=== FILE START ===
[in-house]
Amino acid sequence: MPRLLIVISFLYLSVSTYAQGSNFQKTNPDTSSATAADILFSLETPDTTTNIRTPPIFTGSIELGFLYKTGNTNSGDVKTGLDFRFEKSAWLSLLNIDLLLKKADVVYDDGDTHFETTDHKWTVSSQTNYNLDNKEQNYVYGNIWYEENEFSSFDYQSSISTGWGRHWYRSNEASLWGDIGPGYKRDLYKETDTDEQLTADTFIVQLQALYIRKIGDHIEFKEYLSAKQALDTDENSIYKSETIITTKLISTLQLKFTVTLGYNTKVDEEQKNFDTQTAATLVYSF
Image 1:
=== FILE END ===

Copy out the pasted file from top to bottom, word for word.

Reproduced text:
[in-house]
Amino acid sequence: MPRLLIVISFLYLSVSTYAQGSNFQKTNPDTSSATAADILFSLETPDTTTNIRTPPIFTGSIELGFLYKTGNTNSGDVKTGLDFRFEKSAWLSLLNIDLLLKKADVVYDDGDTHFETTDHKWTVSSQTNYNLDNKEQNYVYGNIWYEENEFSSFDYQSSISTGWGRHWYRSNEASLWGDIGPGYKRDLYKETDTDEQLTADTFIVQLQALYIRKIGDHIEFKEYLSAKQALDTDENSIYKSETIITTKLISTLQLKFTVTLGYNTKVDEEQKNFDTQTAATLVYSF
Image 1: